Austria’s most notable deterioration occurred in the likelihood of violent demonstrations indicator. Social unrest increased in Austria after the election of Sebastian Kurz’s People Party and its partner the Freedom Party in October 2017. Thousands of Austrians gathered on the eve of the anniversary of Chancellor Sebastian Kurz taking office to protest in late 2018, and have protested regularly since.

Austria maintains a perfect score for many GPI indicators, but recent events may affect the future scores of political indicators. In May 2019, outside of the period captured in the 2019 GPI, allegations that vice-chancellor Heinz-Christian Strache offered public contracts in return for campaign help surfaced. Following his resignation, Chancellor Kurz lost a no-confidence vote and snap elections were held. However, it seems Sebastian Kurz will come out unscathed as his conservative People Party secures the majority of votes.

5. Denmark

Ranked fifth on the GPI, Denmark has maintained its very peaceful position since 2017, where it fell from its second place.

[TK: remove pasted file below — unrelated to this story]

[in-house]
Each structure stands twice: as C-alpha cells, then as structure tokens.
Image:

Over the last year, Denmark recorded a very small deterioration in peacefulness, due to an increase in weapons imports and a number of external conflicts. Positively, there were 24 European countries, including Denmark, which enjoyed a reduction in the impact of terrorism.

‘Perspectives on peace’ is a new inclusion to the annual GPI. It measures freedom in life, treatment with respect and satisfaction with standards of living. Denmark was one of the five European countries to deteriorate in freedom in life satisfaction and recorded a slight deterioration in the standard of living satisfaction. Despite this, Denmark maintains a high ranking on the GPI, which is re-enforced by its position in the top ten on the Positive Peace Index.

About the author: Vision of Humanity is brought to you by the Institute for Economics and Peace (IEP), by staff in global offices in Sydney, New York, The Hague, and Mexico.

EDITOR’S NOTE: The opinions expressed here by columnists are their own, not those of Photo Credit: IEP

About the Author /

The Institute for Economics and Peace is the world’s leading think tank dedicated to developing metrics to analyse peace and to quantify its economic value. It does this by developing global and national indices, calculating the economic cost of violence, analysing country level risk and understanding positive peace. The research is used extensively by governments, academic institutions, think tanks, non-governmental organisations and by intergovernmental institutions such as the OECD, The Commonwealth Secretariat, the World Bank and the United Nations. The Institute was recently ranked in the top 15 most impactful think tanks in the world on the Global Go To Think Tank Index. Founded by IT entrepreneur and philanthropist Steve Killelea in 2007, the Institute for Economics and Peace is impacting traditional thinking on matters of security, defence, terrorism and development.